Based on their January 2011 Industry Forecast, the Consumer Electronics Association (CEA) tells us the home audio segment appears to be in good shape (year-to-year unit sales up 27 percent, dollars up 37 percent).
That could be, but it’s nothing to get too excited about given how bad things were the previous year. One-third growth from “just shoot me” is not a high bar to get over.
Still, it made me think about where I would go to buy new home audio equipment assuming I was in the market, as I seem to have perpetually been throughout my entire adult life. I’ve bought a lot of receivers over the years and currently have six in daily use in two locations, along with the expected assortment of related A/V equipment. But excluding a couple of TV’s, the most recent of that was bought more than five years ago, so what would I do today were I in the market for new gear?
My last home A/V purchase was a flat screen, and while I shopped half a dozen Southern California retailers intending to buy from one of them, I ultimately bought from Amazon. Why? The extra product knowledge and advice regarding my system, which I would have paid more to get, was just not in evidence at the stores I visited. So, since Amazon’s price was $250 less for the exact same panel, not counting the fact there was no tax and free shipping, my decision was a no-brainer.
But that’s a TV, a purchase that is for me more researchable online resulting in much less need for discussion with knowledgeable sales people, had I been able to find one. What would I do if I suddenly decided I needed a new receiver?
To begin, I have by default decided I don’t need to replace any of my receivers, but I didn’t do so consciously, which is the industry’s first problem. All six continue to perform as they were designed to, in “technology time,” so long ago, and since the industry has done nothing to tell me what’s new, I have no reason to shop.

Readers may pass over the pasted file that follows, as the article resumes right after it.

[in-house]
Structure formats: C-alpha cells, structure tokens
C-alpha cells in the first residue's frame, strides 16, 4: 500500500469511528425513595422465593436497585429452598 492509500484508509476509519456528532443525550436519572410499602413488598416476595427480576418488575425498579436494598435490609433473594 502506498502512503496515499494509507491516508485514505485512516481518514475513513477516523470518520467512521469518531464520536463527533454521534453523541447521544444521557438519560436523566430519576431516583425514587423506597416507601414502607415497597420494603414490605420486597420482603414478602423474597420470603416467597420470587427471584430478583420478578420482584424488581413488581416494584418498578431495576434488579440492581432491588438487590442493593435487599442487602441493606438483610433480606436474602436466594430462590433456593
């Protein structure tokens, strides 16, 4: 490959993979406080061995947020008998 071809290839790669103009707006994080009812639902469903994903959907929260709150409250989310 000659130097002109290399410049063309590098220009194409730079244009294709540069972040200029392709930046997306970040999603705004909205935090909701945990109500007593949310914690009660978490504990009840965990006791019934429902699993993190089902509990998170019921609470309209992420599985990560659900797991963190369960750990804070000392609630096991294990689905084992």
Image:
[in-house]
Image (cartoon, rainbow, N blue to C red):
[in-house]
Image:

However, that aside, assuming one or more of the six were to die, what then? I don’t know and it is troubling because for me, buying an A/V receiver is not the same as buying a new TV. While I know there are websites that discuss the latest, I don’t feel nearly as comfortable buying based on just that as I did buying my new TV.
As I write this, Best Buy’s stock price is, give or take a few percentage points, down 12 percent year to date, down 32 percent from a year ago, and down 48% from five years ago. That is not a problem exclusive to them nor only related to home A/V, but don’t rule out the connection altogether. More than any other single example I can think of it quantifies the industry’s struggle to find some way to get people like me back in the stores, in this case, once again shopping for new home A/V equipment. Until that happens, we will have to continue to congratulate ourselves for having “leaped over” embarrassingly low sales “bars” that would have been unimaginable as recent as 10 years ago.